Again, it was the poor that bore the brunt of the devaluation. Earnings either declined or remained static while the prices of basic food items and the cost of transport shot up.
Under the prevailing economic conditions, Chand’s family is only too happy he is able to bring home as much as 150 Fiji dollars (78.37 U.S. dollars) a week as a full-time fruit vendor.
Several other boys with similar stories to Chand are employed by the latter’s boss. Some, like 16-year-old Kunal Prasad, along with his younger brother and sister, are still in school. But further hardships could force him and his siblings to follow in Chand’s footsteps.
According to the Fiji Wages Council chairman Kevin Barr, the dropout rate from Fiji schools before the onset of the global financial crisis was as high as 66 percent, mainly because of poverty.
Speaking at a regional symposium on “Population and Development in the Pacific Islands” at the University of the South Pacific in Suva in November 2009, Barr said that Fiji’s high literacy rates notwithstanding, only about 49 percent of students who enter primary school made it to secondary schools.
There are concerns that the dropout rate may have worsened since the financial crisis struck. In April last year, Fiji’s education minister Filipe Bole said about 15 percent of children did not survive the full eight years of their primary education, while about 74.9 percent did not complete secondary education. School dropouts often end up in the labour force.
The Foundation of the Education of Needy Children, The Rescue Mission Community Association and the Nourish Fiji Children Project are carrying out separate research on the impact of the global crisis on children and youths while raising funds to support the education of poor children.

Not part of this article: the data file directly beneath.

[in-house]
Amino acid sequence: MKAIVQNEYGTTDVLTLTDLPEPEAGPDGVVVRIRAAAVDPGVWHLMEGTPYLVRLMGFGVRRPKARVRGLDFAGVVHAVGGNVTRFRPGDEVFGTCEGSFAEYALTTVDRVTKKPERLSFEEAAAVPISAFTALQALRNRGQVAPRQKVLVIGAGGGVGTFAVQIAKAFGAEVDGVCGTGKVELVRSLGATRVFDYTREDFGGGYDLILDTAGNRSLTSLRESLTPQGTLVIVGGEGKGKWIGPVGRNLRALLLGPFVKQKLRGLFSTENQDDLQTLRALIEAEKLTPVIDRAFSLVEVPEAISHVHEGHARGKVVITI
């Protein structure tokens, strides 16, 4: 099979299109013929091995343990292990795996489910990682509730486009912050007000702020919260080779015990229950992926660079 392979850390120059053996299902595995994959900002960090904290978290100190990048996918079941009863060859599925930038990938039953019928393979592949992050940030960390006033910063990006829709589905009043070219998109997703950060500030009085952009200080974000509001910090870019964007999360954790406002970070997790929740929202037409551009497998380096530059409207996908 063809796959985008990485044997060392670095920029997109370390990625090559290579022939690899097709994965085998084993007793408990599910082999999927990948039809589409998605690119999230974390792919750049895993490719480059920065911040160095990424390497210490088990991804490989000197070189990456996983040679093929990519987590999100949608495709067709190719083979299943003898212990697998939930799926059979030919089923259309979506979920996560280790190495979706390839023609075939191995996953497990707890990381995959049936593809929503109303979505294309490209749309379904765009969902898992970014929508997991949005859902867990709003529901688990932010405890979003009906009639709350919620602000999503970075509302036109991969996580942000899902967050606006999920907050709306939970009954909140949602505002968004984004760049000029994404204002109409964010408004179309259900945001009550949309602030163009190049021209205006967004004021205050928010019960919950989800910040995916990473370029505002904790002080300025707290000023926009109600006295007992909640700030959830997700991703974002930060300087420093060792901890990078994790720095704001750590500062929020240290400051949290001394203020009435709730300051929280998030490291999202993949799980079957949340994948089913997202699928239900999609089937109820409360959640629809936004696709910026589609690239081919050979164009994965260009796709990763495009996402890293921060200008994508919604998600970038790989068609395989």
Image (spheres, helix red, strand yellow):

Government is also taking measures to tackle what it sees as a looming problem. In addition to providing tuition-free education, it has set aside 10 million Fiji dollars (5.2 million U.S. dollars) in the 2010 national budget for free school bus fares. Also, the education ministry has pledged to provide free textbooks to all students beginning this year, starting with primary schools.
This year about 7.4 million Fiji dollars (3.85 million U.S. dollars) have been allocated for the Family Assistance allowance along with a monthly 30 Fiji dollar (15.60 U.S. dollars)-food voucher programme for poor families. Such assistance is expected to benefit around 20,000 people.
“Those on family assistance (about 21,000 people) are only the tip of the iceberg of poverty,” Barr was quoted as having told the ‘Fiji Times’, He added that 60 percent of the people in full-time employment – numbering around 210,000 – earn wages that put them below the poverty line, and over 40 percent of children in Fiji are malnourished. Furthermore, an estimated 104,000 people in Fiji currently reside in depressed sites.
Even before the global financial meltdown, the country was already struggling with some basic indicators relating to child health and nutrition.
At the regional symposium on population and development, Dr Jimaima Schultz, the manager of Fiji’s National Food and Nutrition Centre, tabled research that showed 40 percent of children between the ages of six months and five years were deficient in iron, vitamin A and zinc.
Dr Schultz said their research revealed that one in every three Fijian child surveyed was anemic. So were three out of every five children under two years of age. Additionally, for every 10 children surveyed, at least three were at risk of vitamin A deficiency. She added that food prices were, in the vast majority of cases, strong determinants of a family’s diet.
Notwithstanding the children’s nutritional needs, Prasad, the economics professor, said Fiji’s future rests on how best the country can meet the educational needs of its children in primary schools.
“The best way to break the vicious cycle of poverty in households is to ensure that children from these households receive at least a complete primary education. The government must ensure that it provides funds for all primary schools in the country so that basic minimum standards with respect to facilities are provided,” he said.
“It is an investment in the country’s future.”
(*This feature was produced by IPS Asia-Pacific under a series on the impact of the global economic crisis on children and young people, in partnership with UNICEF East Asia and the Pacific.)